Follow the bright spots. The previous sentence contains four words. Only four words. Leadership advice should be simple. The sentence is indeed simple, but it includes a profound message for day-to-day leadership. In my opinion, leadership is too often problem-focused. We have issues, problems, situations, and concerns with which leaders must work. Managing a fast-growing company exposes the paradox quite often. For example, to increase a company’s profitability, leaders can tackle the problems of a low-performing unit or give more resources and personnel to a well-performing team. Amplifying a well-performing business is often easier than solving problems of a low-performing operation, and it is likely to produce better bottom-line results.
Initially, the advice struck me in Switch, which is a book by Chip and Dan Heath about how to improve change leadership. The authors explain bright-spot focus; they relate a lovely story about how personnel assisting malnourished children in Vietnam studied the local families and found healthier kids compared to the typical situation. They found the bright spots. After reviewing the differences in parents’ behaviour, the personnel taught the locals how to prepare better food with the same ingredients they already had. Excellent. The book was published in 2010, and I guess I read it just after the publication. The book made an impact on me because I still remember the four words and the malnourishment story. If you’re one of the impatient, you can read or watch Dan Heath’s interview from FastCompany website. It conveys the bright-spot message in short form by another example.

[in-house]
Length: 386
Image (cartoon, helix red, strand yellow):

When managing, problems are mostly the focus. Controversially, when leading, bright spots are central to the action. So when you gather the agenda for your next meeting, are you amplifying the bright spots, or are you having only problems to be resolved?